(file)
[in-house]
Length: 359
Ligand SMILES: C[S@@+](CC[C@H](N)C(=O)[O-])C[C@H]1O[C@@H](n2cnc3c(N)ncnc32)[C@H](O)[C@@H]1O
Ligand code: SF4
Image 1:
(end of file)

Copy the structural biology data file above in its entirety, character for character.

[in-house]
Length: 359
Ligand SMILES: C[S@@+](CC[C@H](N)C(=O)[O-])C[C@H]1O[C@@H](n2cnc3c(N)ncnc32)[C@H](O)[C@@H]1O
Ligand code: SF4
Image 1: